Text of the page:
"namespace": {
    "id": 0,
    "text": ""
  "wikibase_item": "Q549037",
  "titles": {
    "canonical": "Stack_Overflow",
    "normalized": "Stack Overflow",
    "display": "Stack Overflow"
  "pageid": 21721040,
  "thumbnail": {
    "source": "https://upload.wikimedia.org/wikipedia/en/thumb/f/fa/Stack_Overflow_homepage%2C_Feb_2017.png/320px-Stack_Overflow_homepage%2C_Feb_2017.png",
    "width": 320,
    "height": 149
  "originalimage": {
    "source": "https://upload.wikimedia.org/wikipedia/en/f/fa/Stack_Overflow_homepage%2C_Feb_2017.png",
    "width": 462,
    "height": 215
  "lang": "en",
  "dir": "ltr",
  "revision": "902900099",
  "tid": "1a9cdbc0-949b-11e9-bf92-7cc0de1b4f72",
  "timestamp": "2019-06-22T03:09:01Z",
  "description": "website hosting questions and answers on a wide range of topics in computer programming",
  "content_urls": {
    "desktop": {
      "page": "https://en.wikipedia.org/wiki/Stack_Overflow",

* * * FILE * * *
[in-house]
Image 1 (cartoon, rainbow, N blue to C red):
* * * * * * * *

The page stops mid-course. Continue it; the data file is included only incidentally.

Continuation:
"revisions": "https://en.wikipedia.org/wiki/Stack_Overflow?action=history",
      "edit": "https://en.wikipedia.org/wiki/Stack_Overflow?action=edit",
      "talk": "https://en.wikipedia.org/wiki/Talk:Stack_Overflow"
    "mobile": {
      "page": "https://en.m.wikipedia.org/wiki/Stack_Overflow",
      "revisions": "https://en.m.wikipedia.org/wiki/Special:History/Stack_Overflow",
      "edit": "https://en.m.wikipedia.org/wiki/Stack_Overflow?action=edit",
      "talk": "https://en.m.wikipedia.org/wiki/Talk:Stack_Overflow"
  "api_urls": {
    "summary": "https://en.wikipedia.org/api/rest_v1/page/summary/Stack_Overflow",
    "metadata": "https://en.wikipedia.org/api/rest_v1/page/metadata/Stack_Overflow",